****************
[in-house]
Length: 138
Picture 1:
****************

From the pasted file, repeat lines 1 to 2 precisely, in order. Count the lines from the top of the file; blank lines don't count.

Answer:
[in-house]
Length: 138